Belated but welcomeCaste-based discrimination is an abomination of our society.
The promotion of Sita Pariyar to the position of chief district officer of Humla is a cause for celebration; but the first woman from the Dalit community to hold this high office also reflects poorly on what we as a society have been able to achieve in terms of social emancipation. The practice of the caste system has left such an indelible mark on the psyche of multiple generations that even after nearly 60 years since the amendment to the old civic code which outlawed discrimination based on caste, untouchability and social inequity remains rife in our society.
Sadly, it is indicative of how a legal amendment means nothing unless the willingness to change comes from the core of society eager to cast off the oppressive yoke. It may be an unfamiliar experience for many, but the burden of discrimination isn’t just about extreme forms of ostracism. It is the constant denial of the fundamental right to equality, the right against exploitation, and the right to live with dignity on a daily basis. Such is the state of abuse that society in the 21st century needs special laws drafted to protect their brethren. Caste-based discrimination is not just a blemish; it is an abomination of our society.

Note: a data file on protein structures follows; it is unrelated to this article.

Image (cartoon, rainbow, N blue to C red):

What people seek is to be treated fairly and equally. If there is a sense of fairness in society, then the opportunities present will fall on to those who work to achieve it. But because there is widespread discrimination, it becomes the prerogative of the state to intervene and ensure that no section of society gets left behind. For instance, according to a National Human Rights Commission report, the representation of the Dalit community in the state apparatus is abysmal, for lack of a better term.
Of the 88,578 people serving in the civil service today, only 1,971 are from the Dalit community, just about 2.2 percent, and about 9.45 percent representation in the Nepal Police, 8.14 percent in the Nepal Army, and the lowest of them all, just 1 percent in the judiciary. This low representation is primarily due to the widespread discriminatory environment that the people of the Dalit community endure for most of their lives. The state guarantees admission to school, but what is lacking is an environment where there is no social discrimination.And hence, only a few of them solely determined to turn their lives around amid all odds manage to swim to the top, while the multitudes lose their shine and drop out fatigued by societal ostracism. It is poignant to point out that discrimination exists not just in the rural hinterlands but is, in fact, quite alive and kicking in the cities too. There have been many instances of people being denied accommodation after being found to belong to the Dalit community. If we are to ever progress as a society, then there is even more reason to shun such bigoted practices, but rather cultivate the necessity to show just a little compassion instead of hatred.